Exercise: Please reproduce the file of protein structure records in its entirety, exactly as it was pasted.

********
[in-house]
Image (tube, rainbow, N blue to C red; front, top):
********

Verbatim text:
[in-house]
Image (tube, rainbow, N blue to C red; front, top):